A term that covers house officers and registrars. RMO's or resident doctors may also be known as junior doctors in some countries.
Any doctor who has been approved or is eligible for registration needs to have a registration interview to confirm their identity, original documents, practice intentions, pay practising certificate fees, and show certificate(s) of good standing.
Recertification is the process used to ensure doctors are competent to practise within the scope in which they are registered.
A resident doctor who has been employed before the appointment of registrar as a House Officer /Senior House Officer for at least two years. Depending on experience, a junior doctor may be eligible to work as a registrar in their third year post graduation.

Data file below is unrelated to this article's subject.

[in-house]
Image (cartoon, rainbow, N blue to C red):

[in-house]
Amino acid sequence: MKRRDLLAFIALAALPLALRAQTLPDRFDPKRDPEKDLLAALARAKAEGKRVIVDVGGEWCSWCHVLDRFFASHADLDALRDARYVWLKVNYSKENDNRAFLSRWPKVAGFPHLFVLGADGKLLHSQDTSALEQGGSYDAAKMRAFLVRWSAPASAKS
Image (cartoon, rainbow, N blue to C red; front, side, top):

Registration is a term used to describe the process where doctors apply to be added to the New Zealand medical register.
Special purpose scope of practice
This is a short term form or registration. to allow a doctor to teach, undertake training, research, help in a pandemic or disaster or work as a locum tenens in a specialist role.
Senior House Officer
A doctor who has already completed one year of employment post-graduation.
Scope of practice
All practising doctors in New Zealand are registered in one or more
Statutory declarations in front of a certifying official are used to confirm the identity, nationality, marital status of a doctor.
All doctors registered in a provisional general, provisional vocational or special purpose scope of practice must submit quarterly supervision reports to Council confirming the IMG's competence in all domains of competence.